Making the most complicated meal and executing it flawlessly is not success. It’s not about how many ingredients you used or the advanced technique that you’ve practiced a thousand times. It’s not even about the tools you use or the quality of the ingredients. It’s about appeasing your audience.
Every now and again (eh?) I cook dinner for my host family – that is, the ones who actually own the toy room that I live in. Growing up with two parents who can both cook very well, I thought this would be a great trade. Room and board for the occasional end to end meal service (I clean up, too).
My father is an excellent chef and my mother, in her recent years, has become an executive chef on private jets. They both know how to cook and I grew up as a product of my environment. I’ve learned about different techniques and how to make things from scratch. However, what they never taught me was that it isn’t always about the ingredients or materials, but about the audience.
It’s about who you are cooking for.
The family consists of three children under the age of 12, their parents, and the mobile poop factory (the dog). On one hand, the parents are actually interested in how food is prepared. They like trying new flavors and even learning a thing or two when I’m able to teach them. This is pretty great because I get to show off or share my knowledge. The girls, on the other hand, couldn’t care less.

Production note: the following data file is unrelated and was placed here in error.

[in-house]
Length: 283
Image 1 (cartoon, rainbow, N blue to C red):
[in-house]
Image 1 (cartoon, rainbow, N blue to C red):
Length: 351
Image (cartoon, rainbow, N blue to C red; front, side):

They want their food when they want it and they don’t care how long it takes or how complicated it is, as long as it’s ready when they are. Remember fists of fury? She likes her meals prepared a certain way. Nothing can touch. The chicken cannot touch the broccoli or all hell breaks loose. The youngest one, who always seems to have sticky hands, will try new things, but prefers her usual favorite. If you know what that is, you win every time. The oldest one, who is a future star on the reality show Cupcake Wars, is very basic. Adding anything additional occasionally angers her – avoid at all costs.
So how do I measure success when cooking for the family? I’ve learned the hard way. It’s definitely not technique, nor is it the quality of ingredients–alone–that is measurable.
It’s the clean plate club.
When each one of the kids eats everything on their plates, the parents are incredibly happy. It’s the way it should be. Growing kids need nutrients to continue growing.
Chicken asparagus risotto? Nope. Duck l’Orange? Nope. Mac ‘n cheese? Wins every time.
And this technique can be applied to life, entrepreneurship and any other type of business. Technique, technology, and complexity is not enough. Appeasing your audience, is.
Joining the clean plate club equals success for the chef. It requires knowing your audience, knowing what they will enjoy and executing that. And if you can do that, you’ll get repeat customers every single time.
Repeat customers? That’s success.